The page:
2. I think they don’t understand that we, too, like internal logic in our stories. I think the idea is “well, if magic exists, then I can do absolutely anything in this story. It doesn’t make sense for there to be magic, so nothing else needs to make sense either.” When, in truth, we like magic to make sense in context even though it doesn’t exist in real life, and the non-magical aspects of the plot need to make just as much sense as they would in a mainstream novel.

    It’s the same mindset that leads people to say “what, there are dragons in this book, but you’re complaining about the monetary system?” ;)

  3. Which means they don’t read fantasy. If they don’t read it, they shouldn’t be writing it.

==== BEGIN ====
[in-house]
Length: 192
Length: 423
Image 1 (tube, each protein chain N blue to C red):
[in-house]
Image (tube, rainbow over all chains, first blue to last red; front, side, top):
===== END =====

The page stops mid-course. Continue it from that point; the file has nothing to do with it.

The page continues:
4. Exactly. Or if they do, they just shut their brain off at the first mention of magic and decide it “makes no sense” just because it’s magic. Even if they were reading the most system-heavy Brandon Sanderson book you can imagine. ;)

  5. I also think lack of familiarity with the genre does lead to cliches. “Then. . . she’s Eve! They’ll never see that coming!” “The aliens are us, from the future!”

  6. LOL, Marion! That too! It comes in two versions:

    (a) They don’t know how common the trope is.
    (b) They know the trope is common — and don’t realize it isn’t obligatory. For example, right now I want to tell a whole crop of YA authors that the hawt immortal boy does not actually have to be assigned as a class partner with the heroine. It’s not a law!


  8. Kat–because he looks soooo young, of course! Apparently young people never go anywhere except to school and trademarked coffee places.

  9. Hahaha! Kat, that is the eternal question. I still think they all go to high school just to stalk underage girls.